No live organism can continue for long to exist sanely under conditions of
absolute reality; even larks and katydids are supposed, by some, to dream.
– Shirley Jackson
I have always been curious: attentive to the buzz and flash in the world around me. And writing has always been my chosen form of expression. The world I write about is created when I read, travel, take photographs, daydream. I write stories to open up real life, to view the uncanny nature inside.
And then there’s Hannes Pasqualini...
By day he works as an illustrator and graphic designer, by night he thinks, writes, draws, and captures sounds from outer space. He’s been into drawing ever since he could hold a pencil and his artistic curiosity always drew him to explore the darker sides of life. He takes pleasure in the creation of unlikely creatures, in the shaping of organic, pulsating matter using ink, computers and a stack of scanned or photographed textures.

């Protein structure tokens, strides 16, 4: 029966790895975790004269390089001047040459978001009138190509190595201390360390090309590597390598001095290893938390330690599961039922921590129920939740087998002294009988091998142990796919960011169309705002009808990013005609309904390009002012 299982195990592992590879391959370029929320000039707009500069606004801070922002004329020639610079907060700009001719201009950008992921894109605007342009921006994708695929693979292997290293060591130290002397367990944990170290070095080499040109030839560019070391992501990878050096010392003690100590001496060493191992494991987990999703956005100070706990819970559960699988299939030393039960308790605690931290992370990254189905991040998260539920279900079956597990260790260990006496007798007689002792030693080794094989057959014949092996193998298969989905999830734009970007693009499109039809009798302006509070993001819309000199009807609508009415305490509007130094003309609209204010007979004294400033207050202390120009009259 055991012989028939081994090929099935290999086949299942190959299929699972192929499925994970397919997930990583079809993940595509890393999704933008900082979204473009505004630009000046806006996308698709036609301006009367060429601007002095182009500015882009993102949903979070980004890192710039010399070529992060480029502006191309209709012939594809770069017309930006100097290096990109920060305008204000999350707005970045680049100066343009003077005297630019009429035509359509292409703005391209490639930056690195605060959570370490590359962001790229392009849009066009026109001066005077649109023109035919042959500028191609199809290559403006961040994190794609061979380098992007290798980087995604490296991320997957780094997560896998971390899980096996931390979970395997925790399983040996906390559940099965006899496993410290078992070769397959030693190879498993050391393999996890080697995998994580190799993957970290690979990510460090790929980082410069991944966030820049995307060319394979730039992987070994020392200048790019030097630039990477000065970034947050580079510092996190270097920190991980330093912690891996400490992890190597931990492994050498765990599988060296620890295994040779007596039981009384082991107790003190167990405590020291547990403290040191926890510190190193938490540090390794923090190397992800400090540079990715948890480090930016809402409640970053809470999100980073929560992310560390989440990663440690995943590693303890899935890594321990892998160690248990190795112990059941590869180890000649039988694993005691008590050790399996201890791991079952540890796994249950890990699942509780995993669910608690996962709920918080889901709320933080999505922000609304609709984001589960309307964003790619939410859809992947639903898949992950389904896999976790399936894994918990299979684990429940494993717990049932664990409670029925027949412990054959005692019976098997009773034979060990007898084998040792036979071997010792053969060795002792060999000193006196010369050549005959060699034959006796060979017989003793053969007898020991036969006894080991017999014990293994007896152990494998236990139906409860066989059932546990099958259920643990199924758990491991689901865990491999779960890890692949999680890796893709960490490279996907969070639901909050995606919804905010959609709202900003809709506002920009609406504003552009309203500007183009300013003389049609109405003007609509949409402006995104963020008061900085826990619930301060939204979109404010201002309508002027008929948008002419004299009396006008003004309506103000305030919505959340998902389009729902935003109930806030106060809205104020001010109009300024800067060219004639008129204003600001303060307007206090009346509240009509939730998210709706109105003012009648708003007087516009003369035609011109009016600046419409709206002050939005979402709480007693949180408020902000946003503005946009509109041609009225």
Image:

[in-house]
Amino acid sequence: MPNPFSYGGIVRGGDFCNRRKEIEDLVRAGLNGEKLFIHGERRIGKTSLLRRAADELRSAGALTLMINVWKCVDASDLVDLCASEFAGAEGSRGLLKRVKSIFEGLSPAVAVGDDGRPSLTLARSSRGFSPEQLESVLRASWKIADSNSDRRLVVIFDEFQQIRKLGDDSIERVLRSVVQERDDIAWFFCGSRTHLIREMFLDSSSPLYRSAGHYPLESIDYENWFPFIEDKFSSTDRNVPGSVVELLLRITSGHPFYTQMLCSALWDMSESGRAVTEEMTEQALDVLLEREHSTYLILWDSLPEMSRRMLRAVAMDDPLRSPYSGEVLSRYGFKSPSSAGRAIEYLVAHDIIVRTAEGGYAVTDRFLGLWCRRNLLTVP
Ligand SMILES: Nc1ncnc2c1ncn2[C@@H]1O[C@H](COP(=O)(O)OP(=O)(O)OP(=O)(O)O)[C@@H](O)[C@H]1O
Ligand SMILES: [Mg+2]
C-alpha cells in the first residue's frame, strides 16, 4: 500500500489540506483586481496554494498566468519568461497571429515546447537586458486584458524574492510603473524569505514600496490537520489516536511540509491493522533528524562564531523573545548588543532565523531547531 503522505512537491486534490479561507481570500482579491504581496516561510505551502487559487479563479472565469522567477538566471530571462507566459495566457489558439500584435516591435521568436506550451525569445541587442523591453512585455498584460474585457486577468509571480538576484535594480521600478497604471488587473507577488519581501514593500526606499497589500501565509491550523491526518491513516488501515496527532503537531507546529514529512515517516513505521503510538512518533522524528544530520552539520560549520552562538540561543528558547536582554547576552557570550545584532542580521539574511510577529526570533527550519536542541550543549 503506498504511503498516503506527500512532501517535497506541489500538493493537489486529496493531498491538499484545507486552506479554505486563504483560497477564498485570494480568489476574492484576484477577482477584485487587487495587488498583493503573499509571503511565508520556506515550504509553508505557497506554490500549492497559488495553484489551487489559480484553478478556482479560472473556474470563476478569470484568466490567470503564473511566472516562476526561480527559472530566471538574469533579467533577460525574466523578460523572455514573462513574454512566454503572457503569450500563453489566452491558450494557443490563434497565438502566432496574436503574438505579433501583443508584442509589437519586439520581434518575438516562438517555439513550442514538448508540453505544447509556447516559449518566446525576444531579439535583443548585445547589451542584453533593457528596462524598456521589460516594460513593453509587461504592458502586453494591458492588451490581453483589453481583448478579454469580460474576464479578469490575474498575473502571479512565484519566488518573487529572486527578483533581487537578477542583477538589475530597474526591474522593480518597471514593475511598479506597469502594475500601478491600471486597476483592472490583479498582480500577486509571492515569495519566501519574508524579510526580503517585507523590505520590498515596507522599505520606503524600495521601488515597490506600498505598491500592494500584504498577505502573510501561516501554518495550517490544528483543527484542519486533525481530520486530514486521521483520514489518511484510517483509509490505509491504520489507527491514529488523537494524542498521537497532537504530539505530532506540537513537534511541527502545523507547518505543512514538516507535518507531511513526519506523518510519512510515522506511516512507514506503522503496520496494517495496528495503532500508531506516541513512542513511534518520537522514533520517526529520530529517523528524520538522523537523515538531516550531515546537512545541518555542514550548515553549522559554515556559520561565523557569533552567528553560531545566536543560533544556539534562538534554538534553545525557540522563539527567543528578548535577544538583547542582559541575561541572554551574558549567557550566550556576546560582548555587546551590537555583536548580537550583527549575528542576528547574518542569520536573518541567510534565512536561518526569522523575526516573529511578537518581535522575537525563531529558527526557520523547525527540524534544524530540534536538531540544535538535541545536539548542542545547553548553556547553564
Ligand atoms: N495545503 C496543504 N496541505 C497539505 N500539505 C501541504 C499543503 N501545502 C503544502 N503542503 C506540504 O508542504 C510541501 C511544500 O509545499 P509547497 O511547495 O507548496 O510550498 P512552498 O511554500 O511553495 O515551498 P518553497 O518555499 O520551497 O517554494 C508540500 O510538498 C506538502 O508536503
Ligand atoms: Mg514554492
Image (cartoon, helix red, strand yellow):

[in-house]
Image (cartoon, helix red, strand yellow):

And so, the moment Hannes and I met back in 2004, the event of expressing our ideas, snapshots of our internal worlds, our enclaves of sound and colour, inner biospheres of magical realism, landscapes of absurdity, even burrows of horror, through a meeting of our favoured mediums, words and illustration, seemed inevitable.
The title of the collection, Sons of Sorrow, was inspired by my native town whose name stems from a passage in the Old Testament. In the story, Rachel, aware that she is dying at the birth of her second son, names the child Ben Oni, which in Hebrew means 'son of my mourning' or 'son of my sorrow'. After his wife's death, Jacob changes the name of their son to Ben Yamin. I believe, for the sons and daughters of Benoni, for those of us who grew up there, an echo of this story pervades all our lives. A resonance of melancholy and a very real sense of sorrow.
The stories and illustrations will soon find their way into a book, so watch this space.
Until then, here are some of our favourites.